Between 1970 and 2000, the Caribbean region suffered direct and indirect losses estimated at between $700 million and $3.3 billion due to natural disasters associated with weather and climate events.

So far, the region has focused mainly on floods and storms, and it currently lacks effective governance, expertise, and financial resources to deal effectively with drought issues, FAO stressed.

It also has poor national coordination, policy-making, and planning in place. While many regional and national programmes have developed responses to build resilience against the impacts of drought, the report found that too many of these are still only in a drafting phase, or are poorly implemented and in need of review.

Regional frameworks provide a necessary first step

The FAO report noted that the severity of the 2009-2010 drought – the worst in more than 40 years – served as an alarm bell for the Caribbean region.

The event forced the region to consider, particularly in light of climate change projections, the need to introduce more strategic planning and management measures to avert the potential disaster that would result by end of the century from a drier Caribbean region, according to the report.

FAO stressed, however, that the most pressing need is for countries to develop strong national initiatives. According to the report, policy-making and planning related to drought is hindered by weak governance, lack of finance and poorly coordinated land management.

“These can be overcome by strong political will that encourages participation in policy and planning processes by all actors in the social strata, enabling the sustainable development of water supplies to face the upcoming challenges,” Mr. Ford said.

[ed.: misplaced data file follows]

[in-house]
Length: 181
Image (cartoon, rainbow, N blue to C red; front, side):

Credit:  UN

Urgent Action Needed to Reduce Effects of Climate Change

Jamaica’s Minister without Portfolio in the Ministry of Economic Growth and Job Creation, Hon. Daryl Vaz, has described climate change as a “real and present danger” that will persist, and “critical and urgent action” must be taken by nations globally to reduce its effects.

“We are now facing a future that almost certainly will be hotter, wetter and drier due to climate change. We will continue to experience increasing temperatures as well as more frequent and intense weather events, such as hurricanes, drought and floods,” he said.

The Minister was speaking at a forum at the Knutsford Court Hotel in New Kingston, on March 23 to mark World Meteorological Day, under the theme: ‘Hotter, Drier, Wetter – Face the Future’.

Mr. Vaz said the view expressed by some interests that climate change and environmental issues “only affect some of us, and is a problem for the distant future,” is a “misconception.”

“When temperatures soar to record levels, as they did during much of last year, it is not a few who feel the heat, but all of us. When drought ravages our crops and there are outbreaks of bush fires, we all pay higher prices at the market,” he noted.

Additionally, Mr. Vaz said when floods, resulting from hurricanes or intense rainfall, damage roads and other infrastructure, “the country stands the cost of rebuilding.”

“There is little wonder, therefore, that more Ministries within the Caribbean region are including climate change within their portfolio responsibilities,” he noted.

In this regard, Mr. Vaz commended the Meteorological Service of Jamaica (MSJ) for being at the forefront of climate change adaptation and mitigation efforts.

“Your members have been very vocal on the international scene in championing the cause of Small Island Developing States (SIDS), like Jamaica, which are most vulnerable to the effects of climate change…which highlights our true inter-dependence,” he said.

The forum was jointly staged by the Jamaica Rural Economy and Ecosystems Adapting to Climate Change II (Ja REEACH II) Project and the MSJ.